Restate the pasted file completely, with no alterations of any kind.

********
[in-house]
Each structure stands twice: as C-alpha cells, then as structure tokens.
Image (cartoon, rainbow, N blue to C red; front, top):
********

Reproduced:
[in-house]
Each structure stands twice: as C-alpha cells, then as structure tokens.
Image (cartoon, rainbow, N blue to C red; front, top):